"As you know, Beaumont is a civil-service city," Nesom wrote in response to Boone's request for the union's input. "This system was created by the Texas Legislature to help ensure that cities and fire department employees both are treated fairly… Texas civil service statutes provide protection for both the city and the employees in the form of clear procedures and laws for hiring, promotions, disciplinary actions… and so much more. The benefits and protections afforded by civil service status are valuable and expected by the best and brightest firefighters in Texas…

"As the fire department evolves, we also urge you to ensure that all employees are sworn employees. A tiered system would put Beaumont at a competitive disadvantage with other cities and departments at a time when the Texas fire service faces urgent staffing issues. Fire department morale also would be adversely affected. The small savings in employing non-sworn employees would be offset by turnover, increased training costs, and other problems...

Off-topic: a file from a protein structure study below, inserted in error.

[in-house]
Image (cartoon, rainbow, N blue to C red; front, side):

"When we took on EMS with the merger, both sides worked to prevent pension problems. In the end, adding personnel to our department adds contributions into our pension fund, which works toward reducing our unfunded liability. If we are not bringing these firefighters on as sworn firefighters, our collaboration in further strengthening the pension fund and reducing unfunded liability would be impacted negatively."

In spite of that appeal and the potential negative impacts at the fire department as described by Nesom, Fenter says medics are still being hired as civilian personnel rather than sworn civil service employees, and tension is brewing at the department.